• transitioned DNA sequencing to become routine clinical care
  • translated immunotherapy discoveries into new therapeutics that, in certain cancer scenarios, are already becoming the new standard of care
  • and on the regulatory side, the FDA has finalized guidance to accelerate the development of reliable,beneficial NGS-based tests

Quick Note: Access Discounted Jan. 20-23 Tickets Here by 12/31 – and visit all the facets of Precision Medicine. The overarching result is that , and this is raising our expectations for even more highly impactful developments in 2019.precision medicine is now part of the common vocabulary in healthcare

  • Genomic Medicine has reached milestones that, until recently, seemed out of reach: Thermo Fisher Scientific, for example, received FDA approval for the first NGS-based companion Dx (Oncomine DX Target Test); 23andMe achieved the go-ahead to offer a health product DNA-test; AstraZeneca’s PARP inhibitor Lynparza was approved for advanced ovarian cancer and metastatic breast cancer; Stanford researches eliminated all traces of cancer, including distant metastasis, by activating T-cells in mice using a cancer vaccine; the Genetic Counseling Medicare bill was introduced.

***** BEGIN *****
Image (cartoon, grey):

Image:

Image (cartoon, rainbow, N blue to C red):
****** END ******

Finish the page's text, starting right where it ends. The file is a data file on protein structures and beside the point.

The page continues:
• Scientists behind game-changing cancer immunotherapies won Nobel Prize in Medicine. The work of the winners, American James Allison (PMWC Award Honoree) and Japanese Tasuku Honjo led to the creation of a multibillion-dollar market for new cancer medicines.
  • AI/Machine Learning continues to change healthcare. The FDA approved in April the first AI-powered diagnostic device to detect certain diabetes-related eye problems that don’t need a doctor’s help.
  • Innovative Care Models are new catalysts to transforming healthcare.Amazon, Berkshire Hathaway and JP Morgan Chase are teaming up to form an independent healthcare company for their employees. CVS and Aetna are merging, while Walgreens and LabCorp are partnering.